Rhiannon Elizabeth Irons Michael Rooker

In 1986 it began.  He was unleashed onto the world.  An unstoppable force that no one would be able to tame.  No, I'm not talking about a new horror mass murdering villain.  I'm talking about iconic actor, Michael Rooker.


Notoriously known for his deep, raspy, gravelly voice and his frequent performances as sinister villains, Michael Rooker is forever embedded in peoples minds and memories as Henry in Henry: Portrait Of A Serial Killer.

But where did it all begin?


Michael Rooker was born in Jasper, Alabama on April 6, 1955.  After his parents divorced when he was just 13, he and his siblings were moved to Chicago with his mother, where Michael attended the Goodman School Of Drama.  He had the acting bug while attending college, and began appearing in local stage productions.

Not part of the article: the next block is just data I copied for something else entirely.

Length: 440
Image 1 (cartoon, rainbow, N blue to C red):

But in 1986 that all changed when Michael's good looks were highlighted and used in a rather chilling effect in Henry: Portrait Of A Serial Killer.  Loosely based on the true life serial killer, Henry Lee Lucas, this film is disturbing on so many levels.  It feels very real.  Too real, perhaps.  Nothing is slicked up and nothing seems counterfeit or contrived.  The entire thing is so utterly plausible that it chills you to the bone.  Needless to say that it's Michael's performance that gave this film its balls.  Chilling.  Outstanding.  Thought-provoking.  But above all, it's a must see movie.  (Fun Fact: It didn't get released into theatres until 1989 despite being filmed in 1986)